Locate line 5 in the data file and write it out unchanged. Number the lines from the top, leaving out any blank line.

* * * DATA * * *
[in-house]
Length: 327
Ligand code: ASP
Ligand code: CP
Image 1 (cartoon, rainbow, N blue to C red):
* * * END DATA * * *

Image 1 (cartoon, rainbow, N blue to C red):